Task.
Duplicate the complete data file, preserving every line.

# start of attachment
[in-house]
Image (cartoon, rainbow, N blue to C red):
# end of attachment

[in-house]
Image (cartoon, rainbow, N blue to C red):